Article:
New Legislation Supports Use of Life Policies to Pay for Long Term Care
Cuts to Medicare and Medicaid funding specifically for long term care services coupled with the growing Boomer and senior population of this country are driving the need to fund more and more long term care costs through private pay dollars. Unfortunately, there is a lack of consumer awareness about how Long Term Care funding works and the facts about private market funding options. There is more than $20 trillion of in-force life insurance in the United States (NAIC, 2010) but insurance carriers are resistant to inform policy owners about their legal rights of ownership, and a majority of these uniformed seniors allow their policies to lapse or surrender without ever being aware of other options to use life insurance to pay for long term care services.
Millions more seniors own life insurance than long term care insurance and for many their policy is an unneeded, undervalued, and illiquid asset. Senior policy owners and their family prefer using the life insurance asset in a productive way to help solve their financial and healthcare challenge instead of lapsing or surrendering it– and most would prefer to stay off of Medicaid if given the financial option. With mandated access to information and resources, those most in need of financial solutions can make an informed decision about what is the more important priority for them— the value of a death benefit and keeping the policy in force, or the value of a living benefit and converting the policy to its present day value to pay for long term care.
By converting an existing life insurance policy to a long term care Long Term Care Benefit plan, the owner is spending down the asset towards their cost of care in a Medicaid compliant manner while still preserving a portion of the death benefit. If the insured passes away while spending down via their Long Term Care Benefit enrollment, any remaining death benefit would pay out to the designated beneficiary without being subject to Medicaid recovery. A life insurance policy is legally recognized as an asset of the policy owner and it counts against them when qualifying for Medicaid. If a policy has anything more than a minimal amount of cash value (usually in the range of $2,000) it must be liquidated and that money spent towards cost of care before the owner will qualify for Medicaid. All Medicaid applications specifically ask if the applicant owns life insurance and full policy details. Failure to disclose and comply is fraud.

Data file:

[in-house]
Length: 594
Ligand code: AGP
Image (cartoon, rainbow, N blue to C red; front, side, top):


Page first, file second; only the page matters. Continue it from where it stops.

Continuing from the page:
Federal and state budgets can only accommodate so much, and when dollars are shrinking while populations are growing it becomes pretty simple math to see that something has to give. If history is our guide, then it will be the individual who ends up giving the most. For people to come even close to meeting their expectations for a high level of senior housing and care it will require a firm grasp of the options available and a plan to take action before its too late. Now is the time to prepare by understanding the funding options that are available to help cover the costs long term care as the responsibility shifts more and more to the individual.
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